At Turning Point School, we know the best way to optimize meaningful learning involves considering and attending to all facets of our students’ well-being – intellectual, social, physical, ethical, and emotional. By inspiring and challenging each student to find their unique equation within these five areas, we help them discover the core elements that fuel motivation and success.
Throughout their “career” at Turning Point, students have myriad opportunities to take on new challenges, adapt and overcome, and dig into what inspires them. By the time they graduate in Grade 8, they have developed their unique “positive equation” for success, which they take confidently into high school and beyond. While every equation is distinctive, what every Turning Point graduate shares is the proclivity to associate learning with positive experiences; for the rest of their lives, their brains will find reward in seeking out similar experiences.
When visitors come to our campus, I often hear a variation of, “Your students seem so happy!” Of course, we want a positive campus environment and love to see smiling faces. But moments of elation or excitement are only a small part of what we mean by “happiness.” When we foster students’ happiness, we are creating environments and giving them tools to navigate their worlds more resiliently and flexibly. Happiness does not mean the absence of stress or negative emotions, but the ability to experience them less frequently and to rebound more robustly when they arise.
Scientific research shows that empathy and resilience inoculate us against anxiety and depression. We feel most alive when we have positive emotional experiences combined with feelings of purpose and meaning. Too many children cite “money” and “fame” as their goals, unaware that when these goals are disconnected from a larger purpose, they will not lead to long-term fulfillment. It is not enough to have more stuff and more status; we have to have meaningful pursuits and challenges to be truly happy.
At school these past two weeks, I have seen many examples of how our teachers have begun to provide opportunities for students to develop habits and dispositions that make learning meaningful and direct students’ attention outside themselves. And, for older students, I see this happening beyond the ubiquitous technology that can isolate rather than connect.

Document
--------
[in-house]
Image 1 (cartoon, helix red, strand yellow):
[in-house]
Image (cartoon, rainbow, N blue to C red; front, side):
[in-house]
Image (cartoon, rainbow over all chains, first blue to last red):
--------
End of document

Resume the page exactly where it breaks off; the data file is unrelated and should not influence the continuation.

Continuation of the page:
I have enjoyed spending time with each division’s faculty and marvel at the thoughtfulness they bring to teaching and learning. I peeked in on the three Division Meetings last week, where teachers and administrators met after dismissal to discuss pedagogy and to share ideas and experiences.
- Middle School faculty discussed specific ways to engage students by connecting learning with emotionally resonant issues.
- Elementary faculty shared activities, some prompted by their summer Responsive Classroom training, to enhance Back-to-School Night with experiential learning experiences for parents.
- Primary faculty discussed key principles of early childhood development and learning, and shared examples of students’ growth and ways to support a child as they move from one skill to the next.
The through-line in all three meetings centered on the various ways we make learning relevant by honoring the emotional connections students make with teachers, and with lessons and content that truly matter to them.
Faculty have also spent time staying informed about current research and best teaching practices. Professional development has included training on the rollout of our new reading program; our social-emotional approach, Responsive Classroom; the implementation of our second year of Writer’s Workshop; the development of a curricular scope and sequence regarding Diversity, Equity, and Inclusion; the institution of Developmentally Appropriate Milestones in our Primary Division, and our ongoing alignment of overall scope and sequence from Preschool through Grade 8.
All this preparation is paying off in myriad ways. Over the past two weeks, I have dropped in to several classes and enjoyed every minute: asking students to justify their answers on a math assessment, learning about the different ways you can “read” a book, listening to students reflect on their accomplishments and challenges over the past week, sitting with them on the red line, and even playing (and winning with my teammate, Nico!) a game of Sorry during free choice on Friday before dismissal.
I have observed the institution of habits and routines that will enhance students’ mastery of material and develop life-long skills. Thanks to our faculty’s willingness to continuously hone their craft and create positive environments for learning, our students are already experiencing resonant, engaging opportunities to reach new heights this year.
I look forward to sharing more of these experiences and observations with you as we continue our shared journey through this next year of your children’s growth and development. While the path will undoubtedly be paved with unknown victories and challenges alike, I can promise you that nine months from now, your children will be even better versions of their already uniquely-wonderful selves. Thank you for inviting us to be part of that journey.
Head of School